- Vendor's fee is fixed or determinable--A software licensing fee is not fixed or determinable if it is based on the number of units distributed or copied, or the expected number of users of the product. Arrangements that include rights of return or rights to refunds without return, require the vendor to provide a reasonable estimate of the future returns or refunds in accordance with FASB statement 48 "Revenue Recognition when Right of Return Exists."

- Reseller arrangements--if payment is substantially contingent on the resellers success in distributing the product, or if resellers can't pay for the product until it is sold, if the amount of future payments cannot be reasonably estimated, or if the reseller has price protection, then revenue may not be recognized.

- Multiple-element arrangements--a frequent type of software company transaction. Multiple-element arrangements for a single client may charge a basic fee for a group of additional software products such as patches; upgrades and enhancements; post-contract customer support; or services including elements deliverable only on an as-needed or as-available basis.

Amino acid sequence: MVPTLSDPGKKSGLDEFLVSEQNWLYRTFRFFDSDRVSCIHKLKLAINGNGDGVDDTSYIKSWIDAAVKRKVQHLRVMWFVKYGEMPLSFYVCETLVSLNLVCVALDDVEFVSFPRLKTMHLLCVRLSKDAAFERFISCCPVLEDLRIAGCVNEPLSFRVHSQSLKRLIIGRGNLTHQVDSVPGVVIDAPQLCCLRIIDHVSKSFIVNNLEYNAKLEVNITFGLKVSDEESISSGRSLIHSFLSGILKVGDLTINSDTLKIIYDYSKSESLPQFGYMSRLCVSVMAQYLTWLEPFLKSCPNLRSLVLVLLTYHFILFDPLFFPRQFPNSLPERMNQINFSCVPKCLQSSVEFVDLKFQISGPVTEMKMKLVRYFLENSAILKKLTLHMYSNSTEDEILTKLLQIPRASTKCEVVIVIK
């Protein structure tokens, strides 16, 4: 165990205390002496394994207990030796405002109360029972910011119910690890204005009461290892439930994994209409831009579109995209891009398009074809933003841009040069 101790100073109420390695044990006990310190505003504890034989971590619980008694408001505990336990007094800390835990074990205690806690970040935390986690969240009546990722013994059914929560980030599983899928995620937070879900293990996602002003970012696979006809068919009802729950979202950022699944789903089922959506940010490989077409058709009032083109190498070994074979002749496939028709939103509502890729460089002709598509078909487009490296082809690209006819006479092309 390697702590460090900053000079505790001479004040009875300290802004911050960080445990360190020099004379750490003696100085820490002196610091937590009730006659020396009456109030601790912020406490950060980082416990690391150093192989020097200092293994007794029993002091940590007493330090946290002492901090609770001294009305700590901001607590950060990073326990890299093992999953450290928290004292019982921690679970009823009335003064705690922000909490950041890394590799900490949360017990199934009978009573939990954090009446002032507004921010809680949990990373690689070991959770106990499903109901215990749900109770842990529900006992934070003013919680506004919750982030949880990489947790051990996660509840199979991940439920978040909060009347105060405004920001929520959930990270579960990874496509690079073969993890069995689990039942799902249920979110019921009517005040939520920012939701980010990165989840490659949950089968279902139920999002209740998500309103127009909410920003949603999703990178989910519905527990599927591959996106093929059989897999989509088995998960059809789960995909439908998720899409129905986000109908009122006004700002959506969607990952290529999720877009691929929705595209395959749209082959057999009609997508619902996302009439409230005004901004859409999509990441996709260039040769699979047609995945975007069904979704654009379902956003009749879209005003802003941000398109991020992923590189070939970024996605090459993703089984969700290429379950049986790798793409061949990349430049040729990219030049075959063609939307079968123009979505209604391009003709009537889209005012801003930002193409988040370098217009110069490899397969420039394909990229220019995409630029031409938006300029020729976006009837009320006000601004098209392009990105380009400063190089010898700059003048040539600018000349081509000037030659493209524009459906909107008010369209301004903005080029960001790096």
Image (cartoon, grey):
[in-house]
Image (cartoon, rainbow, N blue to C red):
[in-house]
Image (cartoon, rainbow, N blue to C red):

If contract accounting does not apply, the vendor must account for the revenue from each of the various products based on vendor-specific objective evidence of fair values, regardless of any separate prices stated within the contract for each element. Of course, the portion of the fee allocated to a specific element can only be recognized when the previously stated criteria are satisfied. If insufficient vendor-specific evidence of fair values cannot be obtained for the allocation of revenue to the various elements of an arrangement, all revenue from the arrangement should be deferred ... until all elements are delivered.

SOURCES: PricewaterhouseCoopers; the SEC and FASB

Curtiss Olsen is CalCPA's director of communications.
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Author:Olsen, Curtiss
Publication:California CPA
Geographic Code:1USA
Date:Sep 1, 2002